Does organised retail = going cashless?
By 2020, India’s retail market is expected to more than double its current size to reach $1.3 trillion, according to the 2015 A T Kearney report. “Consumer and investor sentiment have seen an uptick, as the pro-reform government under Narendra Modi sets out on an ambitious goal of improving its Ease of Doing Business ranking from 142nd to 50th in the next two years,” it said, describing India’s retail market to be on “the cusp of a strong growth phase”.
Organised retail means trading activities that are undertaken by licensed retailers who pay taxes, whether sales tax, income tax, VAT, and now, the goods and services tax (GST).
Unorganised retailing, on the other hand, refers to the traditional formats of low-cost retailing–for example, the family-run kirana store, paan/beedi shops, convenience stores, hand cart and pavement vendors, who do not issue any or proper receipts for transactions and do not pay taxes.
A mainstay of India’s retail trade for centuries, these small shops are more sources of livelihood and a refuge for the educated unemployed and underemployed, said this 2014 research paper from Pondicherry University. They are rarely larger than 500 sq ft, their costs are low and margins slender, they pay few taxes and know their customers, said the study.
The GST could change this, said a financial-inclusion expert, requesting anonymity, from an international private foundation, which also funds an Indian digital-inclusion programme, if the supply chain is encouraged to do away with informal receipts.
“So, a retailer can accept cash payments despite being organised,” said this expert. “The mode of payment accepted by a retailer has nothing to do with the retailer being unorganised or organised.”
Currently, 17%–or, 204 million Indians–use smartphones, of which no more than 54% (110 million) use their phones for digital purchases, according to the 2015 PWC report.
“Receiving payments digitally may be in their (kirana stores’) favour, as it will allow them to get access to formal credit; banks don’t appear keen to lend to them in the absence of any transaction details or in the absence of documented business accounts, which could highlight their ability to repay loans,” said the expert.
Despite losses, majority still support Modi & notebandi
Traditionally, small traders and family-run kirana stores form a core vote-bank for Modi’s Bharatiya Janata Party (BJP).
In 2006, India opened the single-brand retail sector to foreign investment up to 51%. While it removed this cap in 2012, a 51% limit on foreign investment in multi-brand retail endures as the BJP believes such a move would hurt small, independent stores, said this Economic Times report from September 2016.
Signalling a change in one of the party’s key stances, PM Modi, in the run-up to the 2014 Lok Sabha elections, said small traders must embrace technology and create virtual malls. “If books are available online, then there is little reason for anyone to visit a shop,” Modi said, quoted in February 2014 in Mint.
Although notebandi has brought adversity, half the shopkeepers we surveyed across urban, semi-urban and rural areas expressed their support for demonetisation. They believed their hardship was a by-product of “punishing the guilty rich”, a sacrifice for the good for the nation.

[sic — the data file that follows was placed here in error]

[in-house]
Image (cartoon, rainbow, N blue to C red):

“We poor anyway go through so much suffering regularly, so we can brave a little more trouble if the rich are also forced to pay,” said Patil, the Dugad village store owner.
Sunny Patkar (27), a convenience store owner in Vajreshwari town of Bhiwandi taluka, hopes that apart from solving the black money issue, notebandi will bring other gains. “This will help more people enter the tax system and from the increased income the government earns, maybe we will get incentives/benefits and better development,” said Patkar.
While 58% of respondents, as we said, continued to support the prime minister, nearly 21% refused to comment on the political party they now support. The rest (21%) said they did not vote or did not care for elections.
“We spend more time on the farm now that there is no business on the shop,” said 28-year-old Megha Patil of Hiwali village in Bhiwandi taluka, one of those who would not comment on notebandi, because she believed it had failed to benefit her village. “Our village supports Modiji despite the difficulty notebandi has caused,” said Patil. “We just wish the PM would pay more attention to the poor who are not farmers.”
Vasant Bohir (55), another store owner from the village, admitted there has been some chatter of people re-thinking their support for Modi. “You can’t blame them for thinking that way, although many say this is good for the country,” he said. “It has caused us small folk quite a bit of suffering.”
Kirana store owner Jadhav of Khupari village in Wada believed just as there were good people advising Modi, he was also surrounded by advisors with “questionable intentions”. Said Jadhav: “My only fear is that while the government has caught rich people hoarding black money, there are others who have already converted larger amounts of black money into white.”
Back on state highway 35, Ambika Kumbhar’s daughter-in-law Manisha (34) said the rich remained unaffected. “Maybe the new incentives the government announced on December 31 will benefit the poor,” she said. “But only we, in the middle, continue to suffer.”